Reviewed by: Thundera Tiger ✧ Score: 8
A dark and twisted tale worthy of the darkest, most twisted Maia. Darth Fingon has taken the lore behind the Ainur and made from it a truly horrific tale of one who shared a part of Luthien's fate. Unfortunately, this young man doesn't have Melian as a mother, and it makes all the difference in the world. I love the way the story builds, revealing its characters in fits of both mystery and gruesome images. The addition of color and all the fascinating aspects of the Ainur were beautifully detailed, and Darth Fingon's character is uniquely suited to bring them to life. He bridges two worlds, and as a result, the mysteries of one become accessible to the other through this character's perspective. I was particularly fascinated with the story's take on compassion (or the lack thereof), the way the Ainur communicate, and what abilities this boy of two lineages brings to the table. The growing horror of this tale is such that I cheered when he finally found a way to strike back. No doubt this won't be the end of the conflict, but at least it's a start. A riveting tale from start to finish!
Reviewed by: Himring ✧ Score: 6
An extremely effective story about a half-Maiarin elf, set in Valinor. The contrast to Luthien is very poignant - what makes her stronger than others, makes the protagonist more exposed, alone and vulnerable. Still, as the plot progresses, he seems to be discovering his own strength. I must admit I Googled the Vala Makar, who figures in this story, since it was too long since I had read the Book of Lost Tales for me to remember that short passage about him and his sister. It is easy to understand why he disappeared when Tolkien decided to sanitize his concept of the Valar in various ways in later versions. Darth Fingon, on the other hand, always has included the darker as well as the lighter side in his own ideas about Valinor and he certainly does so here, so reversing that change seems quite a logical move for him.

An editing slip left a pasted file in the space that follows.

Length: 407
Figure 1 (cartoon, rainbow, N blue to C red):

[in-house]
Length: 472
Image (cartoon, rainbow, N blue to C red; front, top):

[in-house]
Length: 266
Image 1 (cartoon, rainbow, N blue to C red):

Reviewed by: Adonnen Estenniel ✧ Score: 5
This is a very excellent tale. I loved the subtle way Darth Fingon tied this in to the greater story as a whole, yet managed to keep it a part of its own unique self. The descriptions of the Red Maia's night-time visits were vivid and gruesome in the best of ways, and the effect the Maia had upon the young protagonist was interesting to read of. One thing I really enjoyed about this piece was the author's emphasis on the difference between Elf and Ainu, and the pain the half-Maiarin Elf would have felt as a makeshift bridge between those two worlds. An excellent piece of writing!
Reviewed by: Jael ✧ Score: 5
This story, which originally ran in a blind contest, had the stamp of the author all over it -- a Valinor which is just as petty and gritty as our own real world, Vanyar with feet of clay, and Maiar with feet of clay as well. And above all, professional quality writing. It is a genuinely disturbing story of a child being tormented and ultimately fighting back. I found the idea that a Maia could have an affinity/antipathy to a specific element to be very intriguing. One thing is for certain -- this is not your same-old, same-old Elf-story. I recommend it highly.
Reviewed by: Raksha the Demon ✧ Score: 3
Vividly and viscerally written; a conception of Valinor where all that glitters is definitely not gold. I like the idea that not all unions between Elf and Maia turn out to be as harmonious as that of Thingol and Melian. I hope that more is written of this story; author Darth Fingon has interested me in the fates of the original characters.
Reviewed by: Liadan ✧ Score: 3
This is a more prosaic look at the fate of a half-Maia and half-Elven child. It would appear that Melian was the exception for Maia rather than the norm. Not all of them are so benign, let alone loving when dealing with their mixed blood children.
Reviewed by: Ignoble Bard ✧ Score: 3
This is an incredible, complex story of a young Elf haunted by an evil Maia that I wish I'd reviewed earlier and given more points to. It's seriously awesome! Cheers, Darth, and good luck!